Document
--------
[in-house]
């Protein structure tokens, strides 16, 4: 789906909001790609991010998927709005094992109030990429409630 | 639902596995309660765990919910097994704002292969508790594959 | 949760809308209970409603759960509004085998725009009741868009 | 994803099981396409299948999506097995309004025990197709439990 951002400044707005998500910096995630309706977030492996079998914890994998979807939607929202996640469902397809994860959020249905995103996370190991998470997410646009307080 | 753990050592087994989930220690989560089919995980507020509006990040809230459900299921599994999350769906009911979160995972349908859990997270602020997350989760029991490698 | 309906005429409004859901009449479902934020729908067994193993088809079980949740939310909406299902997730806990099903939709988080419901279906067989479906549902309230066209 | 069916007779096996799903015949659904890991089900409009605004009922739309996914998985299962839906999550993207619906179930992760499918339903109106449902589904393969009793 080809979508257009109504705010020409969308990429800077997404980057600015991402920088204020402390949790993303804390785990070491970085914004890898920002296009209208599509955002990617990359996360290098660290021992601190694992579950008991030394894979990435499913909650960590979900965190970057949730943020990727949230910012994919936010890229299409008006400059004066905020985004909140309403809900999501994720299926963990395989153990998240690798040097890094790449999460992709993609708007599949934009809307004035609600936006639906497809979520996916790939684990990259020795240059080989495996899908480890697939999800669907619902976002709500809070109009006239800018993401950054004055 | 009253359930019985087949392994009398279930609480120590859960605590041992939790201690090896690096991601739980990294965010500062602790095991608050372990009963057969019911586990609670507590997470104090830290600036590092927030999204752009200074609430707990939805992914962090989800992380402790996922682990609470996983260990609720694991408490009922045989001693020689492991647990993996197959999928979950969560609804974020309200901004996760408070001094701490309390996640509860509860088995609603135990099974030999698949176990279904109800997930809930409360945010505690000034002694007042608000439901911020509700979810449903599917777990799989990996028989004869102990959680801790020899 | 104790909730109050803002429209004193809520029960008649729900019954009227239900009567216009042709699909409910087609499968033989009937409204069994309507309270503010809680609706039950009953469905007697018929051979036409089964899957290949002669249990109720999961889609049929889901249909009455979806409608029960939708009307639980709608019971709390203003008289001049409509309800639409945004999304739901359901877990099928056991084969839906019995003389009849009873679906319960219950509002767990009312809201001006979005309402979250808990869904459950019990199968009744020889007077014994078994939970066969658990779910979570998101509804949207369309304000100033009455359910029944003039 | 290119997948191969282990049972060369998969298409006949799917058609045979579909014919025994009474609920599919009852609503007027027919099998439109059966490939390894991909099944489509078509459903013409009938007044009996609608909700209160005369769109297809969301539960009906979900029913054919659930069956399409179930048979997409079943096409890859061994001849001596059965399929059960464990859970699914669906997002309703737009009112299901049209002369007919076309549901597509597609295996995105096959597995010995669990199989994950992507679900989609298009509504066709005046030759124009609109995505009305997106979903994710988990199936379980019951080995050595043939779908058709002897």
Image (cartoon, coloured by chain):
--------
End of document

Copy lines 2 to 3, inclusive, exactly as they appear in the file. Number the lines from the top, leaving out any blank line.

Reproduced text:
């Protein structure tokens, strides 16, 4: 789906909001790609991010998927709005094992109030990429409630 | 639902596995309660765990919910097994704002292969508790594959 | 949760809308209970409603759960509004085998725009009741868009 | 994803099981396409299948999506097995309004025990197709439990 951002400044707005998500910096995630309706977030492996079998914890994998979807939607929202996640469902397809994860959020249905995103996370190991998470997410646009307080 | 753990050592087994989930220690989560089919995980507020509006990040809230459900299921599994999350769906009911979160995972349908859990997270602020997350989760029991490698 | 309906005429409004859901009449479902934020729908067994193993088809079980949740939310909406299902997730806990099903939709988080419901279906067989479906549902309230066209 | 069916007779096996799903015949659904890991089900409009605004009922739309996914998985299962839906999550993207619906179930992760499918339903109106449902589904393969009793 080809979508257009109504705010020409969308990429800077997404980057600015991402920088204020402390949790993303804390785990070491970085914004890898920002296009209208599509955002990617990359996360290098660290021992601190694992579950008991030394894979990435499913909650960590979900965190970057949730943020990727949230910012994919936010890229299409008006400059004066905020985004909140309403809900999501994720299926963990395989153990998240690798040097890094790449999460992709993609708007599949934009809307004035609600936006639906497809979520996916790939684990990259020795240059080989495996899908480890697939999800669907619902976002709500809070109009006239800018993401950054004055 | 009253359930019985087949392994009398279930609480120590859960605590041992939790201690090896690096991601739980990294965010500062602790095991608050372990009963057969019911586990609670507590997470104090830290600036590092927030999204752009200074609430707990939805992914962090989800992380402790996922682990609470996983260990609720694991408490009922045989001693020689492991647990993996197959999928979950969560609804974020309200901004996760408070001094701490309390996640509860509860088995609603135990099974030999698949176990279904109800997930809930409360945010505690000034002694007042608000439901911020509700979810449903599917777990799989990996028989004869102990959680801790020899 | 104790909730109050803002429209004193809520029960008649729900019954009227239900009567216009042709699909409910087609499968033989009937409204069994309507309270503010809680609706039950009953469905007697018929051979036409089964899957290949002669249990109720999961889609049929889901249909009455979806409608029960939708009307639980709608019971709390203003008289001049409509309800639409945004999304739901359901877990099928056991084969839906019995003389009849009873679906319960219950509002767990009312809201001006979005309402979250808990869904459950019990199968009744020889007077014994078994939970066969658990779910979570998101509804949207369309304000100033009455359910029944003039 | 290119997948191969282990049972060369998969298409006949799917058609045979579909014919025994009474609920599919009852609503007027027919099998439109059966490939390894991909099944489509078509459903013409009938007044009996609608909700209160005369769109297809969301539960009906979900029913054919659930069956399409179930048979997409079943096409890859061994001849001596059965399929059960464990859970699914669906997002309703737009009112299901049209002369007919076309549901597509597609295996995105096959597995010995669990199989994950992507679900989609298009509504066709005046030759124009609109995505009305997106979903994710988990199936379980019951080995050595043939779908058709002897």
Image (cartoon, coloured by chain):